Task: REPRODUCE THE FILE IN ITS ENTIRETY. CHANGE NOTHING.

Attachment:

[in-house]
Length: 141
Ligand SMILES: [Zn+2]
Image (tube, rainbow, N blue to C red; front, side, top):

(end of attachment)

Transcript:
[in-house]
Length: 141
Ligand SMILES: [Zn+2]
Image (tube, rainbow, N blue to C red; front, side, top):